If you have a great deal of collectibles and antiques in your home and you need to move, then you may be very concerned about all of your precious things making it from one home to the next. If you have a grandfather clock, then you are right to be concerned. Your clock may be worth as much as $13,000 depending on the condition, features, and age of the clock. To help preserve your investment, follow the tips below.
Remove The Weights Immediately
Before you even move your grandfather clock to the other side of your living room or bedroom, you will need to remove the weights and pendulum from the clock. You will see three different weights, and each weight has its own function. The one on the right powers the chime, while the left powers the strike of the hour hand. The middle weight allows the pendulum to move. All three weights are heavy, and they fall from the top to the bottom of the clock after it has been wound. Each weight is usually slightly different from the others. Open the doors of the grandfather clock and label each weight. Label them left, middle, and right so they can be returned to the appropriate spot after the clock has been moved.
Since the weights power the clock, the clock will stop working when the weights are removed. Removal of the weights must occur first for a variety of reasons. If the weights are able to swing, they can very easily damage the inside of the clock. Also, the weights can place extra stress on the small chains that are attached to them. This can break to the clock parts or movements, which may cause irreparable damage.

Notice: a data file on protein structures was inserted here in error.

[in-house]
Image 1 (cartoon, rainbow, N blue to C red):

Weights can be removed and wrapped in blankets. However, you will want to place some cotton gloves on your hands before releasing them from the small internal chains and hooks. Most grandfather clocks will have brass weights. Brass can start to form tarnish if the metal is exposed to the oils on your hands. The pendulum can be removed from the clock at the same time as the weights.
Inspect The Movement
You can lay your grandfather clock down flat when moving it. This is often wise, because many of the clocks are over six feet tall. This means that they can tip easily. This is especially true since the clock will be top heavy once the weights and pendulum have been removed. However, you cannot simply lay down the clock without investigating the movement. Most grandfather clocks will have either wooden or glass sides on the right and left of the clock. This allows you to access the chime and movement area of the clock. Release these small panels.
Look behind the clock for a small hammer and a number of metal chime rods. Usually, the hammer will sit just behind the rods, so it can strike them when the clock chimes. The chime rods can be knocked out of place fairly easily. This can cause a chiming issue and it can also damage the delicate movement clock pieces as well as the hammer. To prevent this from occurring, look for a small metal bar that can be slid down against the chimes. This bar will secure the chimes in place.
If the clock panels are made from wood, then replace them. If they are glass, then keep them out of the clock. The panels can be wrapped in blankets. Make sure to inspect the door of the clock as well. If it is made of glass, then remove it and wrap it separately if you can. If not, then gently place a blanket behind the door to cushion it. Afterwards, the clock can be laid flat and wrapped in its own blanket or secured in a crate or large box. Just make sure to place a good deal of cushioning around it. For more help with your move, contact local moving professionals for assistance.
My mother turned into a bit of a hoarder when all of us kids moved out. It has been ten years since any of us lived with her and in that time, she managed to fill three bedrooms with all sorts of things that she really didn't need. All of that stuff was keeping her from being able to house my brothers when they came into town, so I offered to help her get organized. The first thing I did was found a storage unit nearby to rent. On this blog you will find tips for using a storage unit to organize a hoarded household.